- Clear product focus: we know the domain well, having built a product search company before — we are autonomous in defining interesting problems, evaluating solutions and connecting features with innovation.
- Startup mentality: we move fast, we are mostly generalists, we have no time for bureaucracy or formalities. Young scientists write code with directors, professors work with interns: while some division of labor is necessary, we act as peers the majority of time.
- Build in the open: AI success is rooted on ideas and code others have shared before, as we stand on the shoulders of open source giants. While we recognize how hard it is to strike a perfect balance between competition and openness, we release code, ideas, and even datasets whenever possible.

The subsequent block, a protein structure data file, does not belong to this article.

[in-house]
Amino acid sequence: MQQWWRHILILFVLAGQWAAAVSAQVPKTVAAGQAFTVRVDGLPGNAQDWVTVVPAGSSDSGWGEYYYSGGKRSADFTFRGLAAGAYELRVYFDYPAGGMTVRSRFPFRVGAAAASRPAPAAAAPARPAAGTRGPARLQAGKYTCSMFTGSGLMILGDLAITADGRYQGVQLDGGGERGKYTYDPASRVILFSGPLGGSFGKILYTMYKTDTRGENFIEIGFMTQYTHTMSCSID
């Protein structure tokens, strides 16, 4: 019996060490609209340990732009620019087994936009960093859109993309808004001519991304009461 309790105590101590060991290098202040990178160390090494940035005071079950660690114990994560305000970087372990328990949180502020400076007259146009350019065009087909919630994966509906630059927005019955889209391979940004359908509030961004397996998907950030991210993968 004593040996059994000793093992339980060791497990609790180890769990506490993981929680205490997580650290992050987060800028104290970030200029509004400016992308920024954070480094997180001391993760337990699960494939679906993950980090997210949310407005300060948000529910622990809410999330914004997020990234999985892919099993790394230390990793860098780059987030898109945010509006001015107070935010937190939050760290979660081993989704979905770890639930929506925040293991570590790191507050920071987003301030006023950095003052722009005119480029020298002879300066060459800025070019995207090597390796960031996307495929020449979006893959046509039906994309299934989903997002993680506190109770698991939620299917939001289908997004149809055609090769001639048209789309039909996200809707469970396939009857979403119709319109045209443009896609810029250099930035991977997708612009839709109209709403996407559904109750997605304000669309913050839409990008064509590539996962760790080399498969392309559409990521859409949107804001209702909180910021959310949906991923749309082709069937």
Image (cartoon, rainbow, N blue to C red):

When it comes to living and breathing these values, it turns out that most items in the “to-do” list unsurprisingly revolve around people: how you pick them and how you treat them. Since growing CL means working with people we don’t pay, it is imperative that working is interesting, easy and fun — a breath of fresh air from corporate life, if you will. Our strategy is based on three main rules:
- Only work with fun people: being fun and easy to work with is the main “hiring factor”.
- Only work with great people: being great at something is valuable.The general SFI rule-of-thumb applies: in every project, there should be at least one person that knows the domain well; as for the rest, contamination is encouraged (we worked with psychologists, computer scientists, physicists, logicians, ethicists).